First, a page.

Cristiano Ronaldo barely played any part in it. Well, not in the final anyway. But he’s a European champion now, after Portugal lifted Euro 2016 in spite of the injury the four-time world player of the year picked up in the eighth minute, which forced him off over a quarter of an hour later.
Still, it counts. He’s won a major international title for his country. And that was missing from his resume. He’d already won the Champions League three times, the Premier League three times, and La Liga once. Not to mention picked up more individual prizes — on top of that quartet of Ballon d’Or trophies — than we can conscionably bother you with. But to many, Ronaldo couldn’t enter the conversation for the greatest player of all time until he’d won something with Portugal.
No matter that he’d scored an absurd 260 league goals for one of the world’s biggest clubs in just 236 games. That he’d battered Real’s all-time league scoring record in a mere seven seasons, when it had taken Raul 16 seasons to set it. That his scoring ratio is an astonishing 1.05 per game for Real — whereas Raul’s was 0.44. That he reinvented the winger position and then, when he entered his 30s, refashioned himself as one of the world’s best strikers.
Until he won something with Portugal, it didn’t count. Or so some argued.
It’s the same line of reasoning that is employed to make the preposterous argument that Lionel Messi isn’t already the greatest player of all time. He hasn’t won with Argentina, they say, even though he’s taken his nation to three Copa America finals and a World Cup final, all of which he lost — three of them in extra time or on penalties. He’s been unlucky not to win.
Regardless, the logic of requisite international glory to enter the G.O.A.T. discussion doesn’t really hold up. Certainly, soccer is a team sport and winning with your team is a crucial aspect of validating the individual’s transcendence. But winning at the club level — as Ronaldo and Messi have again and again and again — is actually more meaningful than raising trophies with your country.
Sure, lifting a World Cup is really, really hard. And so is claiming the Euro or Copa. That’s mostly because they don’t come around very often. But even more so because you have very little control, if any at all, over which country you represent. And that’s what also makes it an unfair benchmark. If you’re a superstar who has the poor fortune of hailing from a country without a serviceable supporting cast to complement you, that’s not really on you. You can make your country better, but still might not win the World Cup. There’s only so much you can do, no matter how good you are. Clubs can go out and find the pieces needed to fill out the puzzle around you. National teams can’t.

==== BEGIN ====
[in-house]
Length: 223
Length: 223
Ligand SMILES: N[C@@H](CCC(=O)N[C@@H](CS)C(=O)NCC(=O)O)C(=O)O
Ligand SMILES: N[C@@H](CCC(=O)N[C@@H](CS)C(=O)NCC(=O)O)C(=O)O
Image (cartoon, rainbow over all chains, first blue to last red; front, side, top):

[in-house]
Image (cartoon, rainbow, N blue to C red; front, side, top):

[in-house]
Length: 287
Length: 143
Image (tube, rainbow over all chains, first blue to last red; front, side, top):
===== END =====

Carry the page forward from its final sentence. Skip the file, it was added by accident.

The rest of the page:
So now Ronaldo has his major title in spite of those challenges and his resume is considered complete. But he had less to do with his team reaching the final than Messi did with his surging to the Copa America Centenario title game two weeks prior. Ronaldo had a solid tournament by his standards — a very good one by anybody else’s. But he missed most of the final. Messi pulled the strings as the Albiceleste went to a major tournament final for a third straight summer. And then they lost on penalties, a total lottery.
Does this mean that Ronaldo now has a qualification that Messi is missing? That he’s ticked the arbitrary box Pele and Diego Maradona — the other pretenders to the nebulous and ultimately sort of pointless all-time title — also checked off? That because Eder’s long shot bounced past Hugo Lloris in extra time, even though Portugal was largely outplayed by France, Ronaldo had the better career? The deeper you delve into this reasoning, the shoddier it gets.
Ronaldo was one of the greatest players of all time, regardless of whether he won a major title with Portugal or not. Just as Messi is even if he doesn’t get to a fifth final with Argentina and finally wins that one. (Chances are he won’t, since he announced, at 29, his retirement from his national team following June’s Copa.) Just because Pele and Maradona did it doesn’t mean Messi has to — even though Ronaldo now has.
What Messi and Ronaldo have done for their clubs, twice a week, year after year, should speak far louder than what they’ve accomplished — or failed to — with their nations at a quadrennial tournament, even if it is the most prestigious trophy in the game. Consider that Maradona’s prime at the club level was relatively brief, thanks to his hedonistic lifestyle. And that Pele never left the Western Hemisphere to play his club soccer, never testing himself in Europe, where the best clubs were even before the Brazilian league’s long decay began.
You could just as easily argue that without a UEFA Champions League title (or its European Cup predecessor), you can’t be the best of all time. Ronaldo did it three times; Messi four. Pele and Maradona never won the Champions League.
It’s a point just as flimsy as the requisite that you win a World Cup, Euro or Copa America.